Pink Martini celebrates New Years at the Schnitz

Pink Martini celebrates New Years at the Schnitz

The orchestral music flowed throughout the Arlene Schnitzer Concert Hall in Portland. On New Years Eve, Pink Martini, a local band with international ties, took the stage. The audience greeted the self-described “little orchestra” members with loud applause as the performers walked onstage.

The group, founded in 1994 by Thomas Lauderdale, put on a stunning performance led by China Forbes’ enchanting voice. They were supported by some amazing musicians.

Pink Martini was led through a few songs by the von Trapp grandchildren, whose names are August, Amanda, Melanie and Sofia. The Trapp Family Singers were the family on which the “Sound of Music” was based. Along with the Von Trapps, an Oregon political figure, Kathleen Saadat, loaned her vocals as well. The Pacific Youth Choir made a special appearance and gave the performance a very filling feeling.

Pink Martini performed two shows that night, one at 7 p.m. and one at 10:30 p.m. Both shows were sold out. Most of the fans waiting for the 10:30 show were older, but not any less enthusiastic.

Before the band walked onstage, the Portland Youth Philharmonic under the direction of David Hattner, performed a beautiful opening of Prelude to Act I from “La Traviata” by Giuseppe Verdi.

The band members were met by a furiously clapping audience as they took their places onstage. Once settled, the band started to play “Bolero.” Forbes, who was approached by Lauderdale while they both were attending Harvard in 1995 to join his “little orchestra,” came onstage and performed “Amado mio.” She was then joined at the microphone by Timothy Nishimoto to perform “Mayonaka no bossa nova.”

As the new year approached, the band took the chance to pause and count down from 10 to one. Once midnight struck, Forbes was accompanied by Nishimoto and Dan Faehnle (guitar) to perform “恭喜你 Congratulations,” a Chinese New Year song.

After the New Year’s celebration was over, Nishimoto left the stage, and Forbes sang a beautiful version of “We Three Kings.” Next, William Goforth, a soloist, commanded the stage, assisted by the Pacific Youth Choir, sang “Shchedryk” and “Sanctus.”

From there, the amazing Von Trapp Children took the stage and performed three songs which nodded toward their heritage. They performed “Die dorfmusik,” “In stiller nacht” and “Hayaldah hachi yafa bagan.” For their age, the children (teenagers, actually) put on a stunning performance comparable to their ancestors.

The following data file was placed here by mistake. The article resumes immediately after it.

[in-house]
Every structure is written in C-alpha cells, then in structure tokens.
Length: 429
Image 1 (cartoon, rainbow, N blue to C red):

The band then took up an instrumental song, “The Flying Squirrel,” featuring Brian Davis on the drums, Dan Faehnle on the guitar, Phil Baker on the bass, Robert Taylor on the trombone and Gavin Bondy on the trumpet. The audience enjoyed this one, clapping loudly after every performer’s solo.

Sadaat then took the stage, performing “They Can’t Take That Away From Me” and “For All We Know.” She had a very good voice for singing early blues and jazz. Up until recently, Soldaat had never performed professionally before, and now is in the process of producing an album with Pink Martini.

After Sadaat’s wonderful performance, one of the band’s beloved songs, “Donde Estas, Yolanda?” was performed by Nishimoto, backed up by Forbes. The house became excited as the song was performed, giving raging applause as it was concluded.

Nishimoto left the microphone, and was replaced by China Forbes with the Von Trapps, and backed up by the Pacific Youth Choir to perform “Snowglobe Christmas,” “La Vergine degli Angeli” and “Auld lang syne.”

Then Forbes left the stage, and the Von Trapps assisted by the Pacific Youth Choir performed “The Lonely Goatherd.”

The last song before the encore, “What I’ll Do,” was performed by Forbes.

After Forbes’ performance, Lauderdale announced that they would not leave the stage, and instead go right into the encore. The Pacific Youth Choir came down and started a conga line around the concert hall, as directed by Lauderdale. He told people to join in as the line moved past them. During the conga line, Forbes performed “Brazil.” At that point, the hall turned into a party atmosphere, with some people fleeing so they didn’t get caught up in the craziness.

All in all, the concert was simply stunning. The different acts gave it variety, and Forbes’ voice was a great compliment to the jazz/swing feel of most of their music. Their trumpeter, Bondy, was especially amazing, gaining a lot of adoration from the crowd. The performance deserves an A+, hands down.